Natural Resources Canada, Canadian Forest Service, Great Lakes Forestry Centre, Sault Ste. Marie, Ontario,Canada, P6A 5M7

Background and objectives
The successful regeneration of our northern Ontario forest, primarily spruce species, is severely affected by A. ostoyae and thinning of our southern Ontario stands promotes the infection rate of H.annosum. There are no control options available for A. ostoyae and the use of borax as a stump protectant against H.annosum is no longer an approved method. The current mandate is to reduce the use of chemical pesticides in forestry and develop biological control methods for the control of the pests affecting our forests. The endophytes Ascocoryne sarcoides and Tympanis hypopodia have been reported to be commonly associated with and antagonistic to decay fungi [1,2]. The objective of this study was to identify the mode of action of the most inhibitory strains of these endophytes and to develop methods to introduce them as part of the mycoflora of seedlings prior to outplanting.

Materials and methods
Strains of A. sarcoides and T. hypopodia were isolated from black spruce and jack pine respectively at the interfaces between decayed and healthy wood and screened for their inhibitory capabilities on 3% malt agar. The most inhibitory strain was used in further studies. To confirm their avirulence callus tissue of black spruce and jack pine were inoculated with spore suspensions and sampled biweekly, for up to 20 weeks, by isolating the fungus on malt agar and transferring the calli cells on half strength B5 medium to confirm their viability. Surface sterilized seeds of jack pine and black spruce were soaked in suspensions of 2% Pelgel of A. sarcoides and T. hypopodia containing 1x108 spores/mL for 10 minutes and air dried in a laminar flow chamber. Glass test tubes (4x25 cm) each containing 75 g of sterile peat moss-vermiculite 2:1 v/v at 100% water holding capacity and stoppered with a cotton plug were sterilized at 121C for 45 minutes. Each tube was inoculated with 2 treated seeds of the same tree species and the endophyte and incubated at 25C with a 16 hour photoperiod. Control seeds contained only the sticker. Isolations were made every 10 days to determine the infection rates and the rate of spread within the seedlings. The production of antifungal compound(s) was determined using the dialysis membrane overlay method and by culturing the endophytes in 3% malt extract and subsequently testing of the culture filtrates at dilution factors of 75, 50 and 25%.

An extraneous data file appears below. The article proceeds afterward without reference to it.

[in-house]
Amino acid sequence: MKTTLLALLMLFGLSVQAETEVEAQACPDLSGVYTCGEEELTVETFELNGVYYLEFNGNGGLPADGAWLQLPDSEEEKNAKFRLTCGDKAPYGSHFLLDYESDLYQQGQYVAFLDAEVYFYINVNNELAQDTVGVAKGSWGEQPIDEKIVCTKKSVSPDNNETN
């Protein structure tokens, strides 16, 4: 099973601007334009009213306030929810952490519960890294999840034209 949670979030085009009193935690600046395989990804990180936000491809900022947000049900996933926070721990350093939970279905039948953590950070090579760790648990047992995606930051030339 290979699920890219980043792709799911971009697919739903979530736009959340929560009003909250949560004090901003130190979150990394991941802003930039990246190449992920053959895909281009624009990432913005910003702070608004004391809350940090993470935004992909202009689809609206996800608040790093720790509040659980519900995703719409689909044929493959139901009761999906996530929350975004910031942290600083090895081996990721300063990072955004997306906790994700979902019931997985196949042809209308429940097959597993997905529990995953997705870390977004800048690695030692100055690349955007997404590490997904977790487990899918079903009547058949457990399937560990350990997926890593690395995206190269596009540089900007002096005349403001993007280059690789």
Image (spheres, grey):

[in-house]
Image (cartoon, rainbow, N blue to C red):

Results and conclusions
A. sarcoides was common in spruce and found more often in trees infected with A.ostoyae than other root pathogens whereas the frequency of isolations of T.hypopodia was very low in jack pine. Bioassays with the isolated strains demonstrated a great variation amongst the strains of A. sarcoides for their abilities to inhibit the linear growth of A.ostoyae and H. annosum whereas the T.hypopodia strains isolated were more homogenous in their inhibitory capabilities. The seeds treated with the endophytes germinated marginally faster than the controls but there were no significant differences in the growth after 1 month. The endophytes survived for up to 21 days on the seed coat once it fell from the cotyledon. A. sarcoides was quicker to penetrate the tissues of the plants but both organisms inhabited the stem and roots of seedlings 14 days following germination. Control plants did not contain these microbes. It appears that the mode of action of these 2 endophytes is through the release of toxic metabolites and that T. hypopodia produces the more inhibitory compound(s). Greenhouse production with A.sarcoides treated seeds for outplanting in the field is underway to determine the biocontrol potential of this method.

1. Roll-Hansen F, and Roll-Hansen H, 1979. Eur. J. For. Pathol. 9, 275-280.
2. Funk A, 1967. Can. J. Bot. 45, 309-317.